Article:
Many people assume that a high IQ is more important than high EI skills. While both are important, many studies show that EI is a much more accurate determinant for success and career growth than technical skills or a high IQ. Today's workplaces are fast moving and full of change. The ability to roll with the punches is huge. You'll get the best out of your employees if you create an emotionally intelligent workplace and you'll be a better employer or leader if you use your EI.

Emotional Intelligence really comes into play when it comes to managing and dealing with difficult people, including customers, employees, colleagues, and bosses. Your ability to understand and empathize goes a long way. EI is important for managing change, understanding the political landscape for a new project, dealing well with setbacks or workplace obstacles, motivating and influencing others and working with or for a team with different personalities.

Some people are born with natural EI sills. In certain fields, EI goes hand in hand with success, like sales. Some people are natural born salesmen. Many companies actually use EI competency testing as criteria for selection into highly engaging positions like sales. A recent survey showed that companies that selected their sales people by using EI competency criteria decreased their first year turnover rate by a whopping 63 percent.

But EI can also be taught and many companies hire consultants like me to host workshops to train employees on emotional intelligence. If companies are truly committed to creating a positive workplace, this can be a great way to start.

EI works on the self-employed as well. First of all, very few people actually work “alone.” Even if you are a sole task producer you still have to create something for a customer and client, so your ability to manage your relationships, even if it is just one or two, is pretty important. And you still have to manage yourself. Your state of mind will absolutely affect your work product. Being able to manage your own emotional landscape will definitely help improve your work product and process.

How Employers Can Use EI
Employers and managers should think about what kind of climate will get the best out of their employees. It always makes me cringe when I see leaders use oppressive tactics to drive performance. It really isn't a successful long-term strategy, especially if you hit hard economic times. A person's relationship with their employer is and has always been a leading factor in an employee's decision to stay or go, and contributes greatly to their productivity.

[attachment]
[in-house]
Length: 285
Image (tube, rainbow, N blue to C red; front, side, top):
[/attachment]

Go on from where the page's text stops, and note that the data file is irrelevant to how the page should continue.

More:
So if you want to improve your image as a leader, get feedback and be willing to make improvements in yourself and your management style. And remember, being emotionally intelligent is not about “being soft” or forgoing the bottom line. It's about creating and maintaining constructive and generative relationships and environments, and that helps your bottom line.

EI is critical for top leaders. In fact, the higher your position in a company, the more important emotional intelligence becomes. According to the Center for Creative Leadership, the biggest reason that managers fail is because of poor interpersonal skills. Another survey showed that 85 percent of the difference between a good leader and an excellent leader is emotional intelligence.

You can easily see this when you ask people what qualities they think make a great leader or boss. Eighty-five percent of the qualities they name are usually EI qualities while only a handful turn out to be technical skills. EI is critical for a good leader.

How to Measure Your EI
There are lots of books out there that you can use to test your EI. You can also go online to find lots of tests, like

Employers are always looking for people who are not only book smart, but are also charismatic, optimistic and resilient. They want people who are not afraid to use emotional intelligence to get ahead. Find out where you stand so you can use your EI to get ahead. Whether you are an employee, a boss, a manager or are self-employed, EI is a critical component of your success.

To Listen to an archive of this show:

Thursday, May 01, 2008

The Working Life: Introvert vs. Extravert Leaders

The Working Life: Introvert vs. Extravert Leaders

Are you an innie or an outie? I’m not talking bellybuttons; I’m talking about your leadership style. Leadership, like personalities, comes in different shapes and sizes. There are extraverts and introverts. Some leaders are the “strong and silent” type while others are larger than life characters full of charisma. There are challenges inherent in both, but they can be overcome with a little education.


Introversion or extraversion is not about how shy or social you are. It is about how individuals derive their energy.